Are Payday Loans Dead?

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Author: Internal Marketing Department


Pay Day Loans have gained popularity over the recent years and it has been found over time, that these pay day loans, for some borrowers, are now becoming more of a menace rather than a blessing. These loans were thought to be a blessing in disguise but have turned out to be more devastating in their outcome rather than contributing to financial stability in economies like UK and USA. In the UK new regulations from a new regulator have been introduced to dramatically clean up the industry, but is it possible to do this without killing the payday loan?

The regulators, both in the UK and USA have caught on to their unfair practices and have introduced a set of measures to curb such practices in these particularly large economies. The reason why UK and the USA have been targeted is because USA is where this industry has originated from and some of the top companies in the UK are controlled by US organizations. This industry has grown exponentially in the UK because of lenient regulations by previous regulators, this has historically led to no cap on the interest rates and the dreaded “APR” these agencies are charging.

When the Financial Conduct Authority (FCA) took over regulation in April 2014, many people thought that this would signify the end of the payday loans market. The fear was whether lenders could still be profitable while abiding with what was bound to be tougher, more restrictive rules.

My view is that, having now gone through several new regulations that there will still be a profitable place in the market for payday lenders. The rules in fact will help those reputable ones to be more profitable. 

I want to take just a couple of the rules that 'scared' lenders at first and show how they have actually helped.

Restricting CPA attempts.

At first this was an OMG moment, 2 CPA attempts then STOP. With lenders making upto 30 attempts per month to 'raid' peoples bank accounts, surely restricting this to 2 would lose significant revenues. Well no, firstly this has promoted more responsible lending. If you cannot use this tool to forcefully get the money back then you must be more care to lend to those who will pay it back as agreed. Secondly, it has meant that there is more likely to be funds there when you do try to use the CPA. Historically you would have some lenders trying to take their overdue repayments many many times on the customers paydate. With the restriction it is more likely that you will not have a lender who has been owed £1000's and not been able to collect for several months going in a wiping a customers account clean - thereby not leaving anything for the customers budgeted payments.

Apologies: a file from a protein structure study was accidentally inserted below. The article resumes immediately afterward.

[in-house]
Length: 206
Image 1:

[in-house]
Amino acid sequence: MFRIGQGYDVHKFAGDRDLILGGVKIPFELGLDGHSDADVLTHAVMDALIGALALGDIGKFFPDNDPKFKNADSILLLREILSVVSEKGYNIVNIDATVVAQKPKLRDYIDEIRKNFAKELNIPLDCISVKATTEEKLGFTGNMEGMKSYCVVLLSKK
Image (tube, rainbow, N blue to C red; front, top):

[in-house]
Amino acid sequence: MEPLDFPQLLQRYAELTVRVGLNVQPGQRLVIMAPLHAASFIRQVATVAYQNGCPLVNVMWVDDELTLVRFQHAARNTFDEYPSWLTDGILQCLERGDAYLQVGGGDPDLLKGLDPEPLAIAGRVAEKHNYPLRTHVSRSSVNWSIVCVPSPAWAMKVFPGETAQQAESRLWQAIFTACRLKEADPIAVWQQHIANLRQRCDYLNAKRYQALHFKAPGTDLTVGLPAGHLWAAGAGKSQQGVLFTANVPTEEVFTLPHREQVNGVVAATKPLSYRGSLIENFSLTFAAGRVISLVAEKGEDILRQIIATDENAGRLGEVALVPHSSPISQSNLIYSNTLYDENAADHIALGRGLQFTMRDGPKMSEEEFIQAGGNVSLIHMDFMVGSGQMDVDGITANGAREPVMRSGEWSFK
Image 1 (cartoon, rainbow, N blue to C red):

Rate Capping

OK, so the thought of rate capping was a big concern for many lenders, would the FCA impose rules like in the USA or France or Australia where APR's are capped in double figures (Typical Payday Loans are four figures APRS). Well in fact the cap was set at 0.8% per day (24% per 30 day period). This was not much lower than some lenders were currently charging with a typical amount being around 25%. The FCA also set 2 other caps. One affected default fees and the other affected the total cost of the loan. While these would have effects on lenders, the normally only came in to play when customers fell into arrears. In these circumstance such charges as were previously charged and customer forbearance would not go hand in hand. To begin with many default charges were never recovered any way as the customer was in financial hardship and secondly, a struggling customer with a lower balance is likely to set up a plan to repay it as they can see that there is an endpoint. If you end up presenting a customer who borrowed £200 with a balance of £1500 then they will often just give up. 


As I hope can be seen from these 2 short examples, I think that while the FCA regulation will cause a significant change in the Payday industry, I think for many it will be the new life and not the death. Of course those that do not want to adhere to the rules may disagree!